On 13-15 November, Dr Andrew Minchener (General Manager of the IEACCC) and I entered the smog of New Delhi to present and chair at the three-day 19th International Coal Preparation Congress organised by the Coal Preparation Society of India held at the Indian Habitat Centre in New Delhi.
I opened the Expo with a presentation on the ‘Economic and strategic value of coal’, which accompanies the recent release of my latest report. My presentation focussed on the potentially life-changing impact that reliable electricity supplies can have on millions of people, even from a single power project like the Sasan Ultra Mega Power Plant. A presentation by Dr Minchener gave the Expo the latest news on high-efficiency, low-emission (HELE) developments around the world, which are progressing across Asia, Africa and the Middle East. Both presentations were warmly received and provided the delegates who were largely focused on coal preparation with exciting new data and trends in the wider coal market.
While all this was going on, pollution levels were severe; schools were closing, curfews for children introduced, and face masks became increasingly common. It was difficult to pinpoint any single cause of the legendary Delhi smog, but combustion and still winds left fine particulates hanging in the air for days, the worst often being seen in the morning. Fingers pointed to crop stubble burning, which is common in October and November, and road transportation. During the Congress, the roads quietened as vehicle entry into Delhi was restricted and odd and even licence plates were permitted on alternating days, yet pollution still shrouded the city. Industry and power generation were sure to be other, albeit smaller, contributors and made the event on coal preparation and ash cleaning in coal even more relevant.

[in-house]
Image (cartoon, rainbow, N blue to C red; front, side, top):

In India, only 20% of the coal produced is washed, compared with 90-100% in Australia and Poland. India has just 37 coal preparation plants, a very small number considering it is the world’s second largest coal market. At more than 760 Mt, the country has ambitions to push production to 1000 Mt in coming years. The number of washeries must surely increase to process the notoriously high ash coals found in India.
One of the first targets for washing is the country’s coking coal production, but that’s only a small proportion of the market; 90% is steam coal used for power generation and in industry. This plus the tonnage that is mined illegally, means the urgency to expand coal preparation is growing.
The IEACCC will continue to share their expert knowledge with countries and sectors struggling to get to grips with providing sustainable and reliable energy in the cleanest way. Where coal is being used, the IEACCC can show there is nearly always a better way.
For more information on this topic, see the report The economic and strategic value of coal, CCC/296.